Columnists

Stop the killings in western Laikipia

laikipia

Herders inside Mugie Ranch in Laikipia in February. FILE PHOTO | NMG

jenny

Summary

  • Without management of the rising herd numbers — and management options are possible —this year’s surge in huge herds roving the area is leading to the permanent destruction of pasture.
  • That isn’t going to make for less conflict next year.
  • The more blind eyes are turned to the rising cattle and diminishing pasture resources, the more Martin King’oris will die, caught in the crossfire in a fight for grazing and water.

Two weeks ago Martin King’ori, aged 33, was cycling home, with greens for his kids —well I am told he was on his bike — when he was killed. The killing was definite though, as just the latest of many dozens of residents shot by invading, armed herders in western Laikipia.

As a farmer, he and almost all his neighbours have been targets for the herders. Three days earlier, James Lokwang was shot in the hip: he is still in hospital. They came last Thursday to Mary Njoroge’s house, shooting at her and her family. Yesterday, they stole the cattle grazing near the high school in Ndindika.

But the residents of western Laikipia are without aid, and unprotected. Yet things are set to get a lot worse for them. For when Cabinet Secretary Fred Mataing’i issued an ultimatum to illegal herders to leave Laikipia, security forces were sent only to northern Laikipia, so now thousands more cattle have been driven illegally into western Laikipia instead.

In fact, there are millions of dollars being raised to rehabilitate pastures there, damaged by climate change and 147 invasive alien species. But instead, this week, that pasture is being eaten to desertification, as the few hundred illegal herders there the last four months are now multiplied tenfold.

And it’s blowing up fast — into far more killings than an exploding oil tanker. Families have fled, the schools are inoperable. But have we managed national mourning?

Martin King’ori was buried by his family on his boma on August 5. Some say the security forces just can’t tackle it: it’s got too big and the herders are too well armed. For the herders have guns, lots of them, apparently more guns per head than anywhere else in eastern Africa. And they are better guns than the security forces — AK47s against G3s.

Meanwhile, our security forces, apparently, even though they can track phones, calls and texts when tracking down my stolen pets, can’t manage that for the supply of munitions into western Laikipia. And that’s despite phones being dropped full of contacts, found after attacks, retrieved.

Yet beyond the growing insurrection in western Laikipia, and the mystery of the security forces’ ‘stay-away’, there are far, far bigger issues of neglect going on.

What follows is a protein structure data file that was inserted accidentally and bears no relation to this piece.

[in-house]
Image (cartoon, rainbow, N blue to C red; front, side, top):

Laikipia is the top wildlife preserve in the world for large and endangered animals. It has more than either Serengeti or Kruger National Park, half of all Kenya’s rhinos, the widest diversity of large mammals anywhere.

More millions of dollars were coming in to create a migratory corridor for the wildlife. As it is, only two percent of the county is set aside for the exclusive use of wildlife on conservancies, but that two percent holds Kenya’s greatest wildlife assets.

But Laikipia has been experiencing rapid population growth, up 30 percent from 2009 to 2019, and even faster growth in livestock, up 55 percent over the same period.

Some 90 per cent of the population is pastoral, so nearly all those cattle are grazing. Yet there are no laws on land use in Laikipia, and the surge in cattle to feed has coincided with climate change — with the county plagued by drought since 2015.

Without management of the rising herd numbers — and management options are possible —this year’s surge in huge herds roving the area is leading to the permanent destruction of pasture. That isn’t going to make for less conflict next year.

The more blind eyes are turned to the rising cattle and diminishing pasture resources, the more Martin King’oris will die, caught in the crossfire in a fight for grazing and water.

And yet, resource management is more than possible. Cattle can be fattened up until December, and then sold off. Water can be captured and harvested. Pasture can be restored.

My question is, while our leaders, some of them, have even expressed that this problem is just one of too many, and, therefore, not going to get any attention at all: when this land in western Laikipia is all destroyed, will those herders continue south, and which county do they have to reach, overgrazing, desertifying and killing, before it does matter who they are killing?